It’s easy to appreciate why so many people are passionate about animal welfare issues. And farmers are no exception.
Misinformation about farm animal care practices has unfortunately led some to question whether or not animal welfare is a priority on Canada’s Farms. In fact, the Canadian Centre for Food Integrity’s 2018 Public Trust research reports that 61 % of Canadians are unsure if Canadian meat is derived from humanely treated animals.
The good news is that consumers are genuinely more curious about how their food is raised. It’s crucial that we respond to this curiosity with our own curiosity to understand concerns, remain calm, be wary of our own assumptions and share our personal experiences.
To help support these conversations, we’ve prepared some messaging about Canadian agriculture’s commitment to animal care.
Caring for animals
Myth: Farmers do not care about their animals.
Fact: Farmers are constantly working to ensure their animals are content and healthy by providing them with the best care available.
Truth: When it comes to caring for animals, farmers take their responsibility very seriously – and they genuinely enjoy it. Not only is providing animals with proper care the right thing to do, but it is also a good business practice since comfortable and healthy animals are more productive and produce higher quality products. That’s why Canadian farmers are always striving to improve farm animal care and proudly invest in research that will help better understand the needs of animals.
Codes of Practice
Myth: There are no standards of practice for caring for farm animals.
Fact: There are national Codes of Practice that outline how different animals are to be raised and cared for on Canadian farms.
Truth: Like all animal owners, farmers must follow laws for humane treatment. However, in Canada, there are also national Codes of Practice for different livestock and poultry species. These codes have been developed in collaboration with key stakeholders, including farmers/producers, transporters, veterinarians, animal welfare and enforcement agencies, retail and food service organizations, processors, governments and researchers. They include requirements and recommendations on housing, feed and water, processing, and other practices. Many livestock and poultry sectors have also developed, or are developing, animal care assessment programs based on the codes to make sure best practices are in place and identify any problems to help farmers continually improve.
Myth: Animal abuse is rampant and unregulated.
Truth: Animal abuse is never okay, under any circumstances. Like all animal owners, farmers and ranchers are responsible for properly and humanely caring for their animals. These responsibilities are supported by the federal Criminal Code as well as provincial animal care legislation. Animal abuse is very rare, and when these situations do occur, Canada’s farmers are actively part of the solution. Cases of animal abuse are handled differently in each province, be it through peer or professional reporting processes or relationships with provincial animal welfare groups.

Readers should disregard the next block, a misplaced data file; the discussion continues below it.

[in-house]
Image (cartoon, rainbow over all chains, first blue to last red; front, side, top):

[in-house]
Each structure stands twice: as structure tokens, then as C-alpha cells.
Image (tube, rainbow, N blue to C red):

On the road
Myth: Transportation of animals causes undue pain and suffering for animals.
Fact: Animal care practices are just as crucial during transportation as on the farm, and federal regulations govern the humane transport of animals into, within, and leaving Canada.
Truth: Ensuring an animal is treated humanely doesn’t end when it leaves the farm. Federal regulations detail the rules for transporting farm animals – such as when an animal is unfit for travel, requirements for food and water, and how many animals can travel together. Plus, inspections are done at various locations to check for compliance. Canada also has a livestock transport training initiative. The Canadian Livestock Transport (CLT) Certification Program allows those involved in transporting animals to receive training and become certified in proper handling techniques.
Myth: It is inhumane to keep animals inside barns.
Fact: Keeping certain animals in barns helps protect their health and safety.
Truth: Farmers use different housing options for different animals. While some grazing animals, such as beef cattle, live outside year-round (with access to food and shelter), many others, like pigs and chickens, are often kept inside barns to ensure their well-being. Having certain animals inside allow farmers to monitor each animal’s health and nutrition more easily. It also protects them from predators, diseases, and extreme weather.
The future of animal agriculture
Myth: There is no need for animal agriculture and in the future, it will cease to exist.
Fact: Canadians benefit from a variety of nutritious and healthy protein choices to feed themselves and their families and will continue to do so in the future.
Truth: Every day, Canadians across the country make food choices that reflect their needs, their personal values and their cultural traditions. Livestock and animal by-products will continue to be part of that offering to not only feed us but also feed our pets and to manufacture products used in human medicine as well as other everyday products. Canada’s farm families depend on healthy and productive farm animals to earn a living and will continue to invest in research and on-farm improvements to ensure their animals receive the best care possible.
The Real Dirt on Farming (pages 52-57)